Maybe it was the first appointment at the fertility clinic that made me feel grown-up. I was definitely surrounded by other people who appeared to be grown-ups. You see, there is a very strict “no children in the waiting room” policy at a fertility clinic, in the same way there is a strict “no alcohol” policy at an AA meeting, or a strict “no chocolate bar” policy at a Weight Watchers meeting. But every now and then, the occasional child would slip in. And we both reacted to them differently. To me, seeing a baby in a stroller or a toddler running around the lobby made the longing worse. I was jealous and even a little angry with the parents whom I deemed inconsiderate.
To my husband, on the other hand, the clinic babies didn’t fill him with jealousy or anger; they filled him with hope.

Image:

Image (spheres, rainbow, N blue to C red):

The infertility rollercoaster
While we struggled with the very grown-up, simultaneous emotions of hope and jealousy, we also filled out very grown-up medical history forms that checked back farther than ancestry.com. We had all our grown-up body parts examined and had grown-up tests done to find out the very grown-up answer of whose “fault” it was. As it turns out, it was my husband’s “fault.”
The diagnosis was a low sperm count, and the remaining few had no idea where they were going. We were relieved to finally have an answer, but all it did was create more questions. We wanted to know how. Was it the drugs in college? A misdirected x-ray at the dentist’s office? Years of tight underwear?
We also wanted to know why. Why two people who wanted a child so badly couldn’t, while teenagers across the country get accidentally pregnant so often that MTV had the foresight to make a reality show about it.